KUALA LUMPUR – After summoning the charge d’affaires of the French embassy in Kuala Lumpur, the Malaysian foreign ministry has expressed its concern over alleged hate speech and defamation of Islam.
The ministry summoned French diplomat Gilles Barrier to a meeting on Wednesday evening as several Muslim-majority countries have denounced remarks by French president Emmanuel Macron in recent days.
“The Ministry reiterated Malaysia’s position to strongly condemn any inflammatory rhetoric and provocative acts that seek to defame the religion of Islam,” the ministry said in a statement Wednesday night after the meeting.
Malaysia joined the chorus of Muslim-majority countries that have criticized Macron’s words in defense of freedom of speech and in reference to the murder of a French teacher for showing his students cartoons of the Prophet Muhammad published by the satirical weekly Charlie Hebdo.
The foreign ministry said it was “concerned about growing hostilities, hate speech and defamation of Islam” but promised to defend freedom of expression “as long as these rights are exercised with respect and responsibility in order to not infringe on or violate the rights of others.”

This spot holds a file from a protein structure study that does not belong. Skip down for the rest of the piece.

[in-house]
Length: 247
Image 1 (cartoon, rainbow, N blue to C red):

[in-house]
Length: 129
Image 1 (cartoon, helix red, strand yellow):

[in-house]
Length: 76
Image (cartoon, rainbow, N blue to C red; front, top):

Before the meeting, Kuala Lumpur and the French embassy had expressed their different positions in separate statements.
The embassy in the Malaysian capital said on Wednesday that “freedom of religion is protected by the French Constitution and legal system” and defended Macron’s speech by arguing that the government “did not target the Muslim community in France at all but only an ideology radical Islamism that should be isolated and fought.”
The embassy defended the concept of French secularism and, in a conciliatory note, said it was “heartened by the assurances given to us by the Malaysian authorities that the Malaysian government does not condone such appeals” to boycott French products launched by some countries.
These calls for a boycott and condemnation of the French government came after Macron said on Wednesday that France would “not give up our cartoons” after the beheading of teacher Samuel Paty for having discussed with his high school students Charlie Hebdo cartoons during a class on free speech.
Depictions of Prophet Muhammad are seen as taboo in Islam, and offensive to Muslims.
In 2012, 12 people were killed in an attack on the Charlie Hebdo office in Paris for publishing cartoons caricaturing the prophet of Islam.